There is also the issue of the Pleyel holding it's value. My opinion is that if you pay £3500 or even £3000 and then tried to sell it the very next day (either back to the trade or to a private seller) then you'd very much struggle to get £1000. You can test this by phoning around a random list of 5 UK based piano shops and tell them you have an old Pleyel upright with brass handles on the side, recently partially restored. I suspect most wouldn't be interested and those that do show interest would only offer £200 - £500. I could be way off there but that's my experience.

Talking about U3s, their tone can range anywhere from aggressively bright to whisperingly mellow but most lie somewhere between those 2 extremes. If you can travel around and visit 4 or 5 shops who have a good stock of U3s then I'm certain you'd find one with "soul" and the right balance of dynamics and the right touch. Your tuner is unlikely to want to visit 4 or 5 shops with you but if you do the hard work first and then ask your tuner to come with you at the final stages once you've narrowed it down a bit then that could be a good plan.

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Barry, I've just sent a very brief private message to Schwejk to see if he wants to add me to the list of piano shops that he may decide to visit. No hard sell, I promise :)
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Re: Please help me with a fraught purchasing decision

Post by MarkGoodwinPianos » 17 Nov 2010, 12:51

The U3 is through a well-known piano shop here in Cambridge [...] I think it had a price tag of £2300
Make sure you ask for the serial number and age of that one to check that the 2 marry up.
Some buyers are kept in the dark about the age of used Yamaha uprights. That price of £2300 would suggest a serial number below 2,000,000. In which case, make sure you have a good thump on those bass strings to make sure they haven't gone too muffly.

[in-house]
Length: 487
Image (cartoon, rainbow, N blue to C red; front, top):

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Re: Please help me with a fraught purchasing decision

Post by vernon » 17 Nov 2010, 23:08

as a piano dealer, if you offered me a 1920s Pleyel in any condition, I would not be interested at any price.
get yourself a good kawai k15 for £2800
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Re: Please help me with a fraught purchasing decision

Post by Model V » 21 Nov 2010, 12:04

Unless you're planning to keep this thing for life, don't touch it with a barge pole. There are plenty of other pianos with "soul" out there for £2-3,000 and the only thing you can guarantee if you buy the Pleyel (even for £2,000) is that this cowboy will have the satisfaction of knowing he saw you coming.

Leave well alone.

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Re: Please help me with a fraught purchasing decision

Post by schwejk » 22 Nov 2010, 12:31

Hey, thanks everyone. Sorry I "posted and ran". I really appreciate all your knowledgeable advice. I think it's safe to say that I'm getting a consistent message here from professionals and experts within the industry and that message is DON'T. As much as I enjoy playing the instrument, I can't ignore that. I don't think the guy will come down to £2k anyway - which really *should* be the top end of my budget - and after everything I've read, I'm not sure I'd be comfortable paying that much for it now even if he did come down.

So, the search continues ...

Really, though, this has been hugely helpful. Thank you x 1000!